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Marketing in Europe: Life after AIFMD for non-EU managers

AUTHOR(S): Shay Lydon
PRACTICE AREA GROUP: Asset Management and Investment Funds
DATE: 17.10.2012

With the advent of the Alternative Investment Fund Managers Directive (AIFMD) hedge fund managers located outside Europe who wish to target European investors will need to develop an understanding of the AIFMD marketing requirements. This is due to the broad extraterritorial effect of AIFMD which could ultimately require a manager who wishes to remain outside its scope to cease all activities which have a connection to the European Union (EU). However, for those managers unwilling to abandon the prospect of attracting European investors, there is a range of marketing options available under the new regime. These include (i) private placement in accordance with local marketing rules and certain minimum provisions of AIFMD in relation to disclosure to investors and regulators, and (ii) marketing on a passported basis to professional investors in each member state of the EU.

The purpose of this article is to assist managers in selecting the appropriate marketing regime to unlock European investment. It also outlines a potential route to AIFMD compliance, through a selfmanaged Irish Qualifying Investor Alternative Investment Fund (QIAIF), which would allow a non-EU manager to act in relation to an EU fund, with the benefit of the full passport, without incurring some of the operational costs of adapting in full to AIFMD.

Overview of AIFMD

The AIFMD applies to alternative investment fund managers (AIFM) based inside or outside the European Union, who manage EU-based funds or wish to market funds to professional investors in the EU. In practice the legislation is extremely broad in scope and the only way for a manager to ensure that it remains out of scope is to be located outside of Europe, manage no-EU funds and refrain from any marketing activity to EU investors.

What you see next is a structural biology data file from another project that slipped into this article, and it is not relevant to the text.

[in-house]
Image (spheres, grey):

While compliance with the AIFMD may seem a daunting prospect, there are some transitional provisions available to a non-EU manager, including the ability to avail of national private placement regimes (NPPRs) until 2018 where they are marketing funds in Europe (or 2015 where they are managing EU funds). However, there may be managers who wish to unlock the European market through the use the EU-wide marketing passport. This option should be available to non-EU managers from July 2015.

A summary of the requirements under the private placement regime and under the AIFMD passport is set out below.

Private placement

Non-EU managers currently cannot avail of the passport and therefore compliance with NPPRs will be the primary marketing tool available to them from July 2013 until the formal extension of the passport.

One point worth noting is that the application of NPPRs will be driven by the rules in the member state in which it is intended to market. Some member states such as Germany have moved to abolish or restrict the use of NPPRs in implementing the AIFMD and it will be important to confirm the position in each jurisdiction in which it is intended to market. Ireland has not imposed additional requirements to those set out in the AIFMD, save that a written notification of intention to market is required to be made to the Central Bank of Ireland (the Central Bank). The Central Bank has indicated that such notification is not required to be made until 22 July 2014 and that pending notification, the pre-AIFMD private placement rules will continue to apply, thereby affording a one-year transitional period to non-EU AIFM.